Things Your Friends Wished You Knew About Depression

I want to start off by saying that I've never been diagnosed with depression, but I’ve had moments in my life where I was sad. The difference is that I'm generally upbeat and can easily pull myself out of a funk. That’s not so easy for people who are actually diagnosed with depression and face sadness and loneliness on a regular basis.

After hearing about my friends’ experiences overcoming or dealing with depression, I decided to collect what I’ve learned and share it with you. It’s likely that there is someone in your social circle or family who is also going through depression. My hope is that this article can spark a conversation, rather than claim to have all the answers in a nutshell.

Depression Is More Complicated than You Think

We all have all likely felt sadness, loneliness, anger, self-doubt, or despair. However, most of us can tie these feelings to a specific event in our lives: the end of a relationship, betrayal, loss of a job, or a miscarriage, just to name a few. It’s a lot easier for the general population to get out of a funk because we have a good idea of how we got there.

However, many people with depression notice the symptoms of depression and think, “I’m back in a depression cycle again.” A real life event didn’t necessarily trigger it.

Depression can also feel like a cycle of physical and mental anguish. Many people with depression likely know how to temporarily get out of their funk but feel like they physically can’t do it. It becomes a vicious cycle of “I know I need help, but I feel totally unworthy of anyone’s help, time, or love.”

Overall, it’s hard to pinpoint what causes depression, thus it’s hard to stop it or fix it. It can be frustrating to watch someone go through depression, but the solutions that work for you may not work easily or quickly for them. Telling someone to“get over it” is often not the tough love they need.

Depression Doesn’t Have a Cure-All Solution

For some people, telling them to rely on Christ, read scriptures, pray, and attend church might not feel like enough. It can sound more like, “Figure this out with someone else, not me.” These activities help people overcome trials, but it’s not simple for those with clinical depression. These spiritual activities will help once coupled with other solutions, such as therapy, proper medication, and support from friends and family.

Remember as you reach out to your friends that they need help—but not always the help you think is best. My favorite adage is “kindness unwanted is unkindness,” and I’ve used it in other topics on She Traveled. The things you do to be happier will work for you but won’t always work for them.

Thus, the ultimate advice I can share is understand their needs and do what you can to fill them. Let them set the terms of how often you spend time together, and believe them if they say therapy or medication isn’t working. Help them find ways that will actually help them, and be there for them every step of the way.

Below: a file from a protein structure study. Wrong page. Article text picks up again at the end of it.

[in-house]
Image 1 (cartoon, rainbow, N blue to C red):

You Can Offset Depression With Genuine Friendship

Most friends I know who go through depression can agree that what they often need is a steady, genuine friend. A depressed person doesn’t ever want to feel like a burden or a “project.”

What does it take to be a genuine friend? It takes a lot of patience and love. A major part of being depressed, I’ve noticed, is that the person uses a lot of energy to pretend that they are not depressed. They want others to think they are social, happy, and otherwise on top of things. They need someone to be real with.

This does require boundaries on your part; it takes a lot of energy to always be there for someone with depression. Setting boundaries that ensures you maintain your physical and mental strength while trying to also continue living your own life.

Learn More Through Good Conversations

This post will hopefully be a starting point. I hope you’ve learned a bit from my simple experiences. However, take this to the next step by listening to those who actually have clinical depression and learn from them. Rather than waiting for someone else to “fix” your friend or family member, hear about their experiences and what they need to feel better.

In fact, start the conversation now: based on your experience, what can you do to help end the stigma against mental illness as a whole? Share with us in the comments or over social media.

Interested in learning more about depression and how you can have a better understanding of it? Check out these articles on the She Traveled blog: